Native Village of Point Hope v. Jewell

Summarized by:

  • Court: 9th Circuit Court of Appeals Archives
  • Area(s) of Law: Environmental Law
  • Date Filed: 01-22-2014
  • Case #: 12-35287
  • Judge(s)/Court Below: Circuit Court Judge Fletcher for the Court; Circuit Judges Fernandez and Rawlinson
  • Full Text Opinion

When preparing a Final Environmental Impact statement, although it is recognized that different levels of information will be required at each stage of the development process, one cannot base their conclusions on arbitrary or ill-founded estimates that do not represent the most plausible outcome.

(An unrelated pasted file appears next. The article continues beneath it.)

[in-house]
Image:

Pursuant to leasing an area in the Chukchi Sea for oil and gas production, the Bureau of Ocean Energy Management ("BOEM") prepared a Final Environmental Impact Statement ("FEIS") to analyze the environmental effects of the purposed leases. Based on the FEIS and a supplemental EIS ("SEIS") the district court granted summary judgment for the defendants in favor of the lease. On appeal the plaintiff’s argued that the estimate of one billion barrels was arbitrary and the FEIS and SEIS lacked critical information. The BOEM contended that much of the missing information was related to how animal populations would be affected in the event of a spill, but that since they concluded the effect on the animals would be almost identical under each alternative drilling scheme they did not determine it necessary information to make a choice between the alternatives. The Ninth Circuit agreed, citing that the level of analysis in an EIS is different at each stage of development of the project, and that circumstances are relevant in determining the level of information required. In addition, the panel agreed with the BOEM that compliance with other statutes would force their protection of the animals in question. However, the panel concluded that the barrel estimate was arbitrary. The BOEM had not fully given the rationale for the use of the lowest possible amount of oil that was economical to produce as the base for its analysis, the BOEM did not take into account fluctuation in oil prices in their conclusion that one billion barrels would be economically recoverable and the BOEM based its EIS solely on the first field of the leased area and did not provide explanation for this. REVERSED and REMANDED.

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